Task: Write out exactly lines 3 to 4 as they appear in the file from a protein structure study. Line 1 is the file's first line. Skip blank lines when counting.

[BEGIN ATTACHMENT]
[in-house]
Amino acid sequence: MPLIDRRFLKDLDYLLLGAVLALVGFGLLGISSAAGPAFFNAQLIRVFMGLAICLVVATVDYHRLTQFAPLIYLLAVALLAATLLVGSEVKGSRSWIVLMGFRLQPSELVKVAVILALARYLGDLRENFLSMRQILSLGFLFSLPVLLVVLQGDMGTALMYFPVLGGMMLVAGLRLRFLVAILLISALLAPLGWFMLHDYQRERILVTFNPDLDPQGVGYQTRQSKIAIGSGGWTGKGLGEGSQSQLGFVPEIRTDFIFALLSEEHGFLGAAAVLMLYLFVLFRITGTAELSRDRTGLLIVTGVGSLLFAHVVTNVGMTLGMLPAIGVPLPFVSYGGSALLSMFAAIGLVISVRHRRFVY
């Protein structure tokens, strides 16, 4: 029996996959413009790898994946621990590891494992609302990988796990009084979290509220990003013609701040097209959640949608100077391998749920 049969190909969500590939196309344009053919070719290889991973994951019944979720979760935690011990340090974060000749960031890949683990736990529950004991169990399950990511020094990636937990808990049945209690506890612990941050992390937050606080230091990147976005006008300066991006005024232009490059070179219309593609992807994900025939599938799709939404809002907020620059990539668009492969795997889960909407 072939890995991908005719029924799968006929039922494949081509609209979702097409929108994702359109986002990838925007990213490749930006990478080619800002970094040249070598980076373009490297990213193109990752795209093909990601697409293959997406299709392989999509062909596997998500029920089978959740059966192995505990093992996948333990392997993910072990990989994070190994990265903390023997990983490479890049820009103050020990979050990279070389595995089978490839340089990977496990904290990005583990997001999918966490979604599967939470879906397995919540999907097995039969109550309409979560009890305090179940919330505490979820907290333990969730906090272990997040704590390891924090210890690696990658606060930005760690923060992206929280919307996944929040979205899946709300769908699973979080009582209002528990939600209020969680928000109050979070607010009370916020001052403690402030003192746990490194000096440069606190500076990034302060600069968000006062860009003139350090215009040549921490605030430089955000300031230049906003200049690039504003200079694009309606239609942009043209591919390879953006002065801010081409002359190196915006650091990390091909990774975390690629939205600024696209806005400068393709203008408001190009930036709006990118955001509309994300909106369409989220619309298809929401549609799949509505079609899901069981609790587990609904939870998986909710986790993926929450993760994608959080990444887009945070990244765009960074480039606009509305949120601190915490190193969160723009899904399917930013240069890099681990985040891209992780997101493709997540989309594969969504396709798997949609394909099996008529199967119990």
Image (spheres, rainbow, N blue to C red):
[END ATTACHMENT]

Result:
């Protein structure tokens, strides 16, 4: 029996996959413009790898994946621990590891494992609302990988796990009084979290509220990003013609701040097209959640949608100077391998749920 049969190909969500590939196309344009053919070719290889991973994951019944979720979760935690011990340090974060000749960031890949683990736990529950004991169990399950990511020094990636937990808990049945209690506890612990941050992390937050606080230091990147976005006008300066991006005024232009490059070179219309593609992807994900025939599938799709939404809002907020620059990539668009492969795997889960909407 072939890995991908005719029924799968006929039922494949081509609209979702097409929108994702359109986002990838925007990213490749930006990478080619800002970094040249070598980076373009490297990213193109990752795209093909990601697409293959997406299709392989999509062909596997998500029920089978959740059966192995505990093992996948333990392997993910072990990989994070190994990265903390023997990983490479890049820009103050020990979050990279070389595995089978490839340089990977496990904290990005583990997001999918966490979604599967939470879906397995919540999907097995039969109550309409979560009890305090179940919330505490979820907290333990969730906090272990997040704590390891924090210890690696990658606060930005760690923060992206929280919307996944929040979205899946709300769908699973979080009582209002528990939600209020969680928000109050979070607010009370916020001052403690402030003192746990490194000096440069606190500076990034302060600069968000006062860009003139350090215009040549921490605030430089955000300031230049906003200049690039504003200079694009309606239609942009043209591919390879953006002065801010081409002359190196915006650091990390091909990774975390690629939205600024696209806005400068393709203008408001190009930036709006990118955001509309994300909106369409989220619309298809929401549609799949509505079609899901069981609790587990609904939870998986909710986790993926929450993760994608959080990444887009945070990244765009960074480039606009509305949120601190915490190193969160723009899904399917930013240069890099681990985040891209992780997101493709997540989309594969969504396709798997949609394909099996008529199967119990």
Image (spheres, rainbow, N blue to C red):